IEC 60309 Series II (North American) pin and sleeve connectors have gained significant traction in North America over the course of the last 30 years. Series II current ratings are 20, 30, 60, 100, 200, 300, 350, 500 and 600 amps. The voltage ratings go up to 1000 V AC. These have been replacing the American-style for some time and are much more likely to be found in food processing, data centers, healthcare, entertainment, and other industries]
NEMA devices are not exclusively industrial devices, and some types are found in nearly all buildings in the United States. "Industrial-grade" connectors are constructed to meet or exceed the requirements of more stringent industry testing standards, and are more heavily built to withstand damage than residential and light commercial connectors of the same type. Industrial devices may also be constructed to be dust or water-tight. NEMA wiring devices are made in current ratings from 15–60 A, and voltage ratings from 125–600 V.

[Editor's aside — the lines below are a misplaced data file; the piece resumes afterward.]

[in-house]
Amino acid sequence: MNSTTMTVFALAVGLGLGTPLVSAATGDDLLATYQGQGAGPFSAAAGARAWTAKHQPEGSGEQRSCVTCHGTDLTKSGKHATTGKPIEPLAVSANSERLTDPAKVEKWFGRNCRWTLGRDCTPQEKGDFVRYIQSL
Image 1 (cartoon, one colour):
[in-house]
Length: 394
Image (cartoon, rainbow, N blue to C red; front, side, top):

There are two basic configurations of NEMA plug and socket: straight-blade and locking. Numbers prefixed by L are twist-lock, others are straight blade. Locking type connectors are found mostly in industrial applications and are not common in residential and light commercial use.
NEMA 10 devices are a curious throwback to an earlier time. They are classified as 125/250 V non-grounding, yet they are usually used in a manner that effectively grounds the appliance, albeit not in a manner consistent with most modern practice. They provide a neutral pin and two phase pins (X & Y) which are used for the two phases of a split-phase source.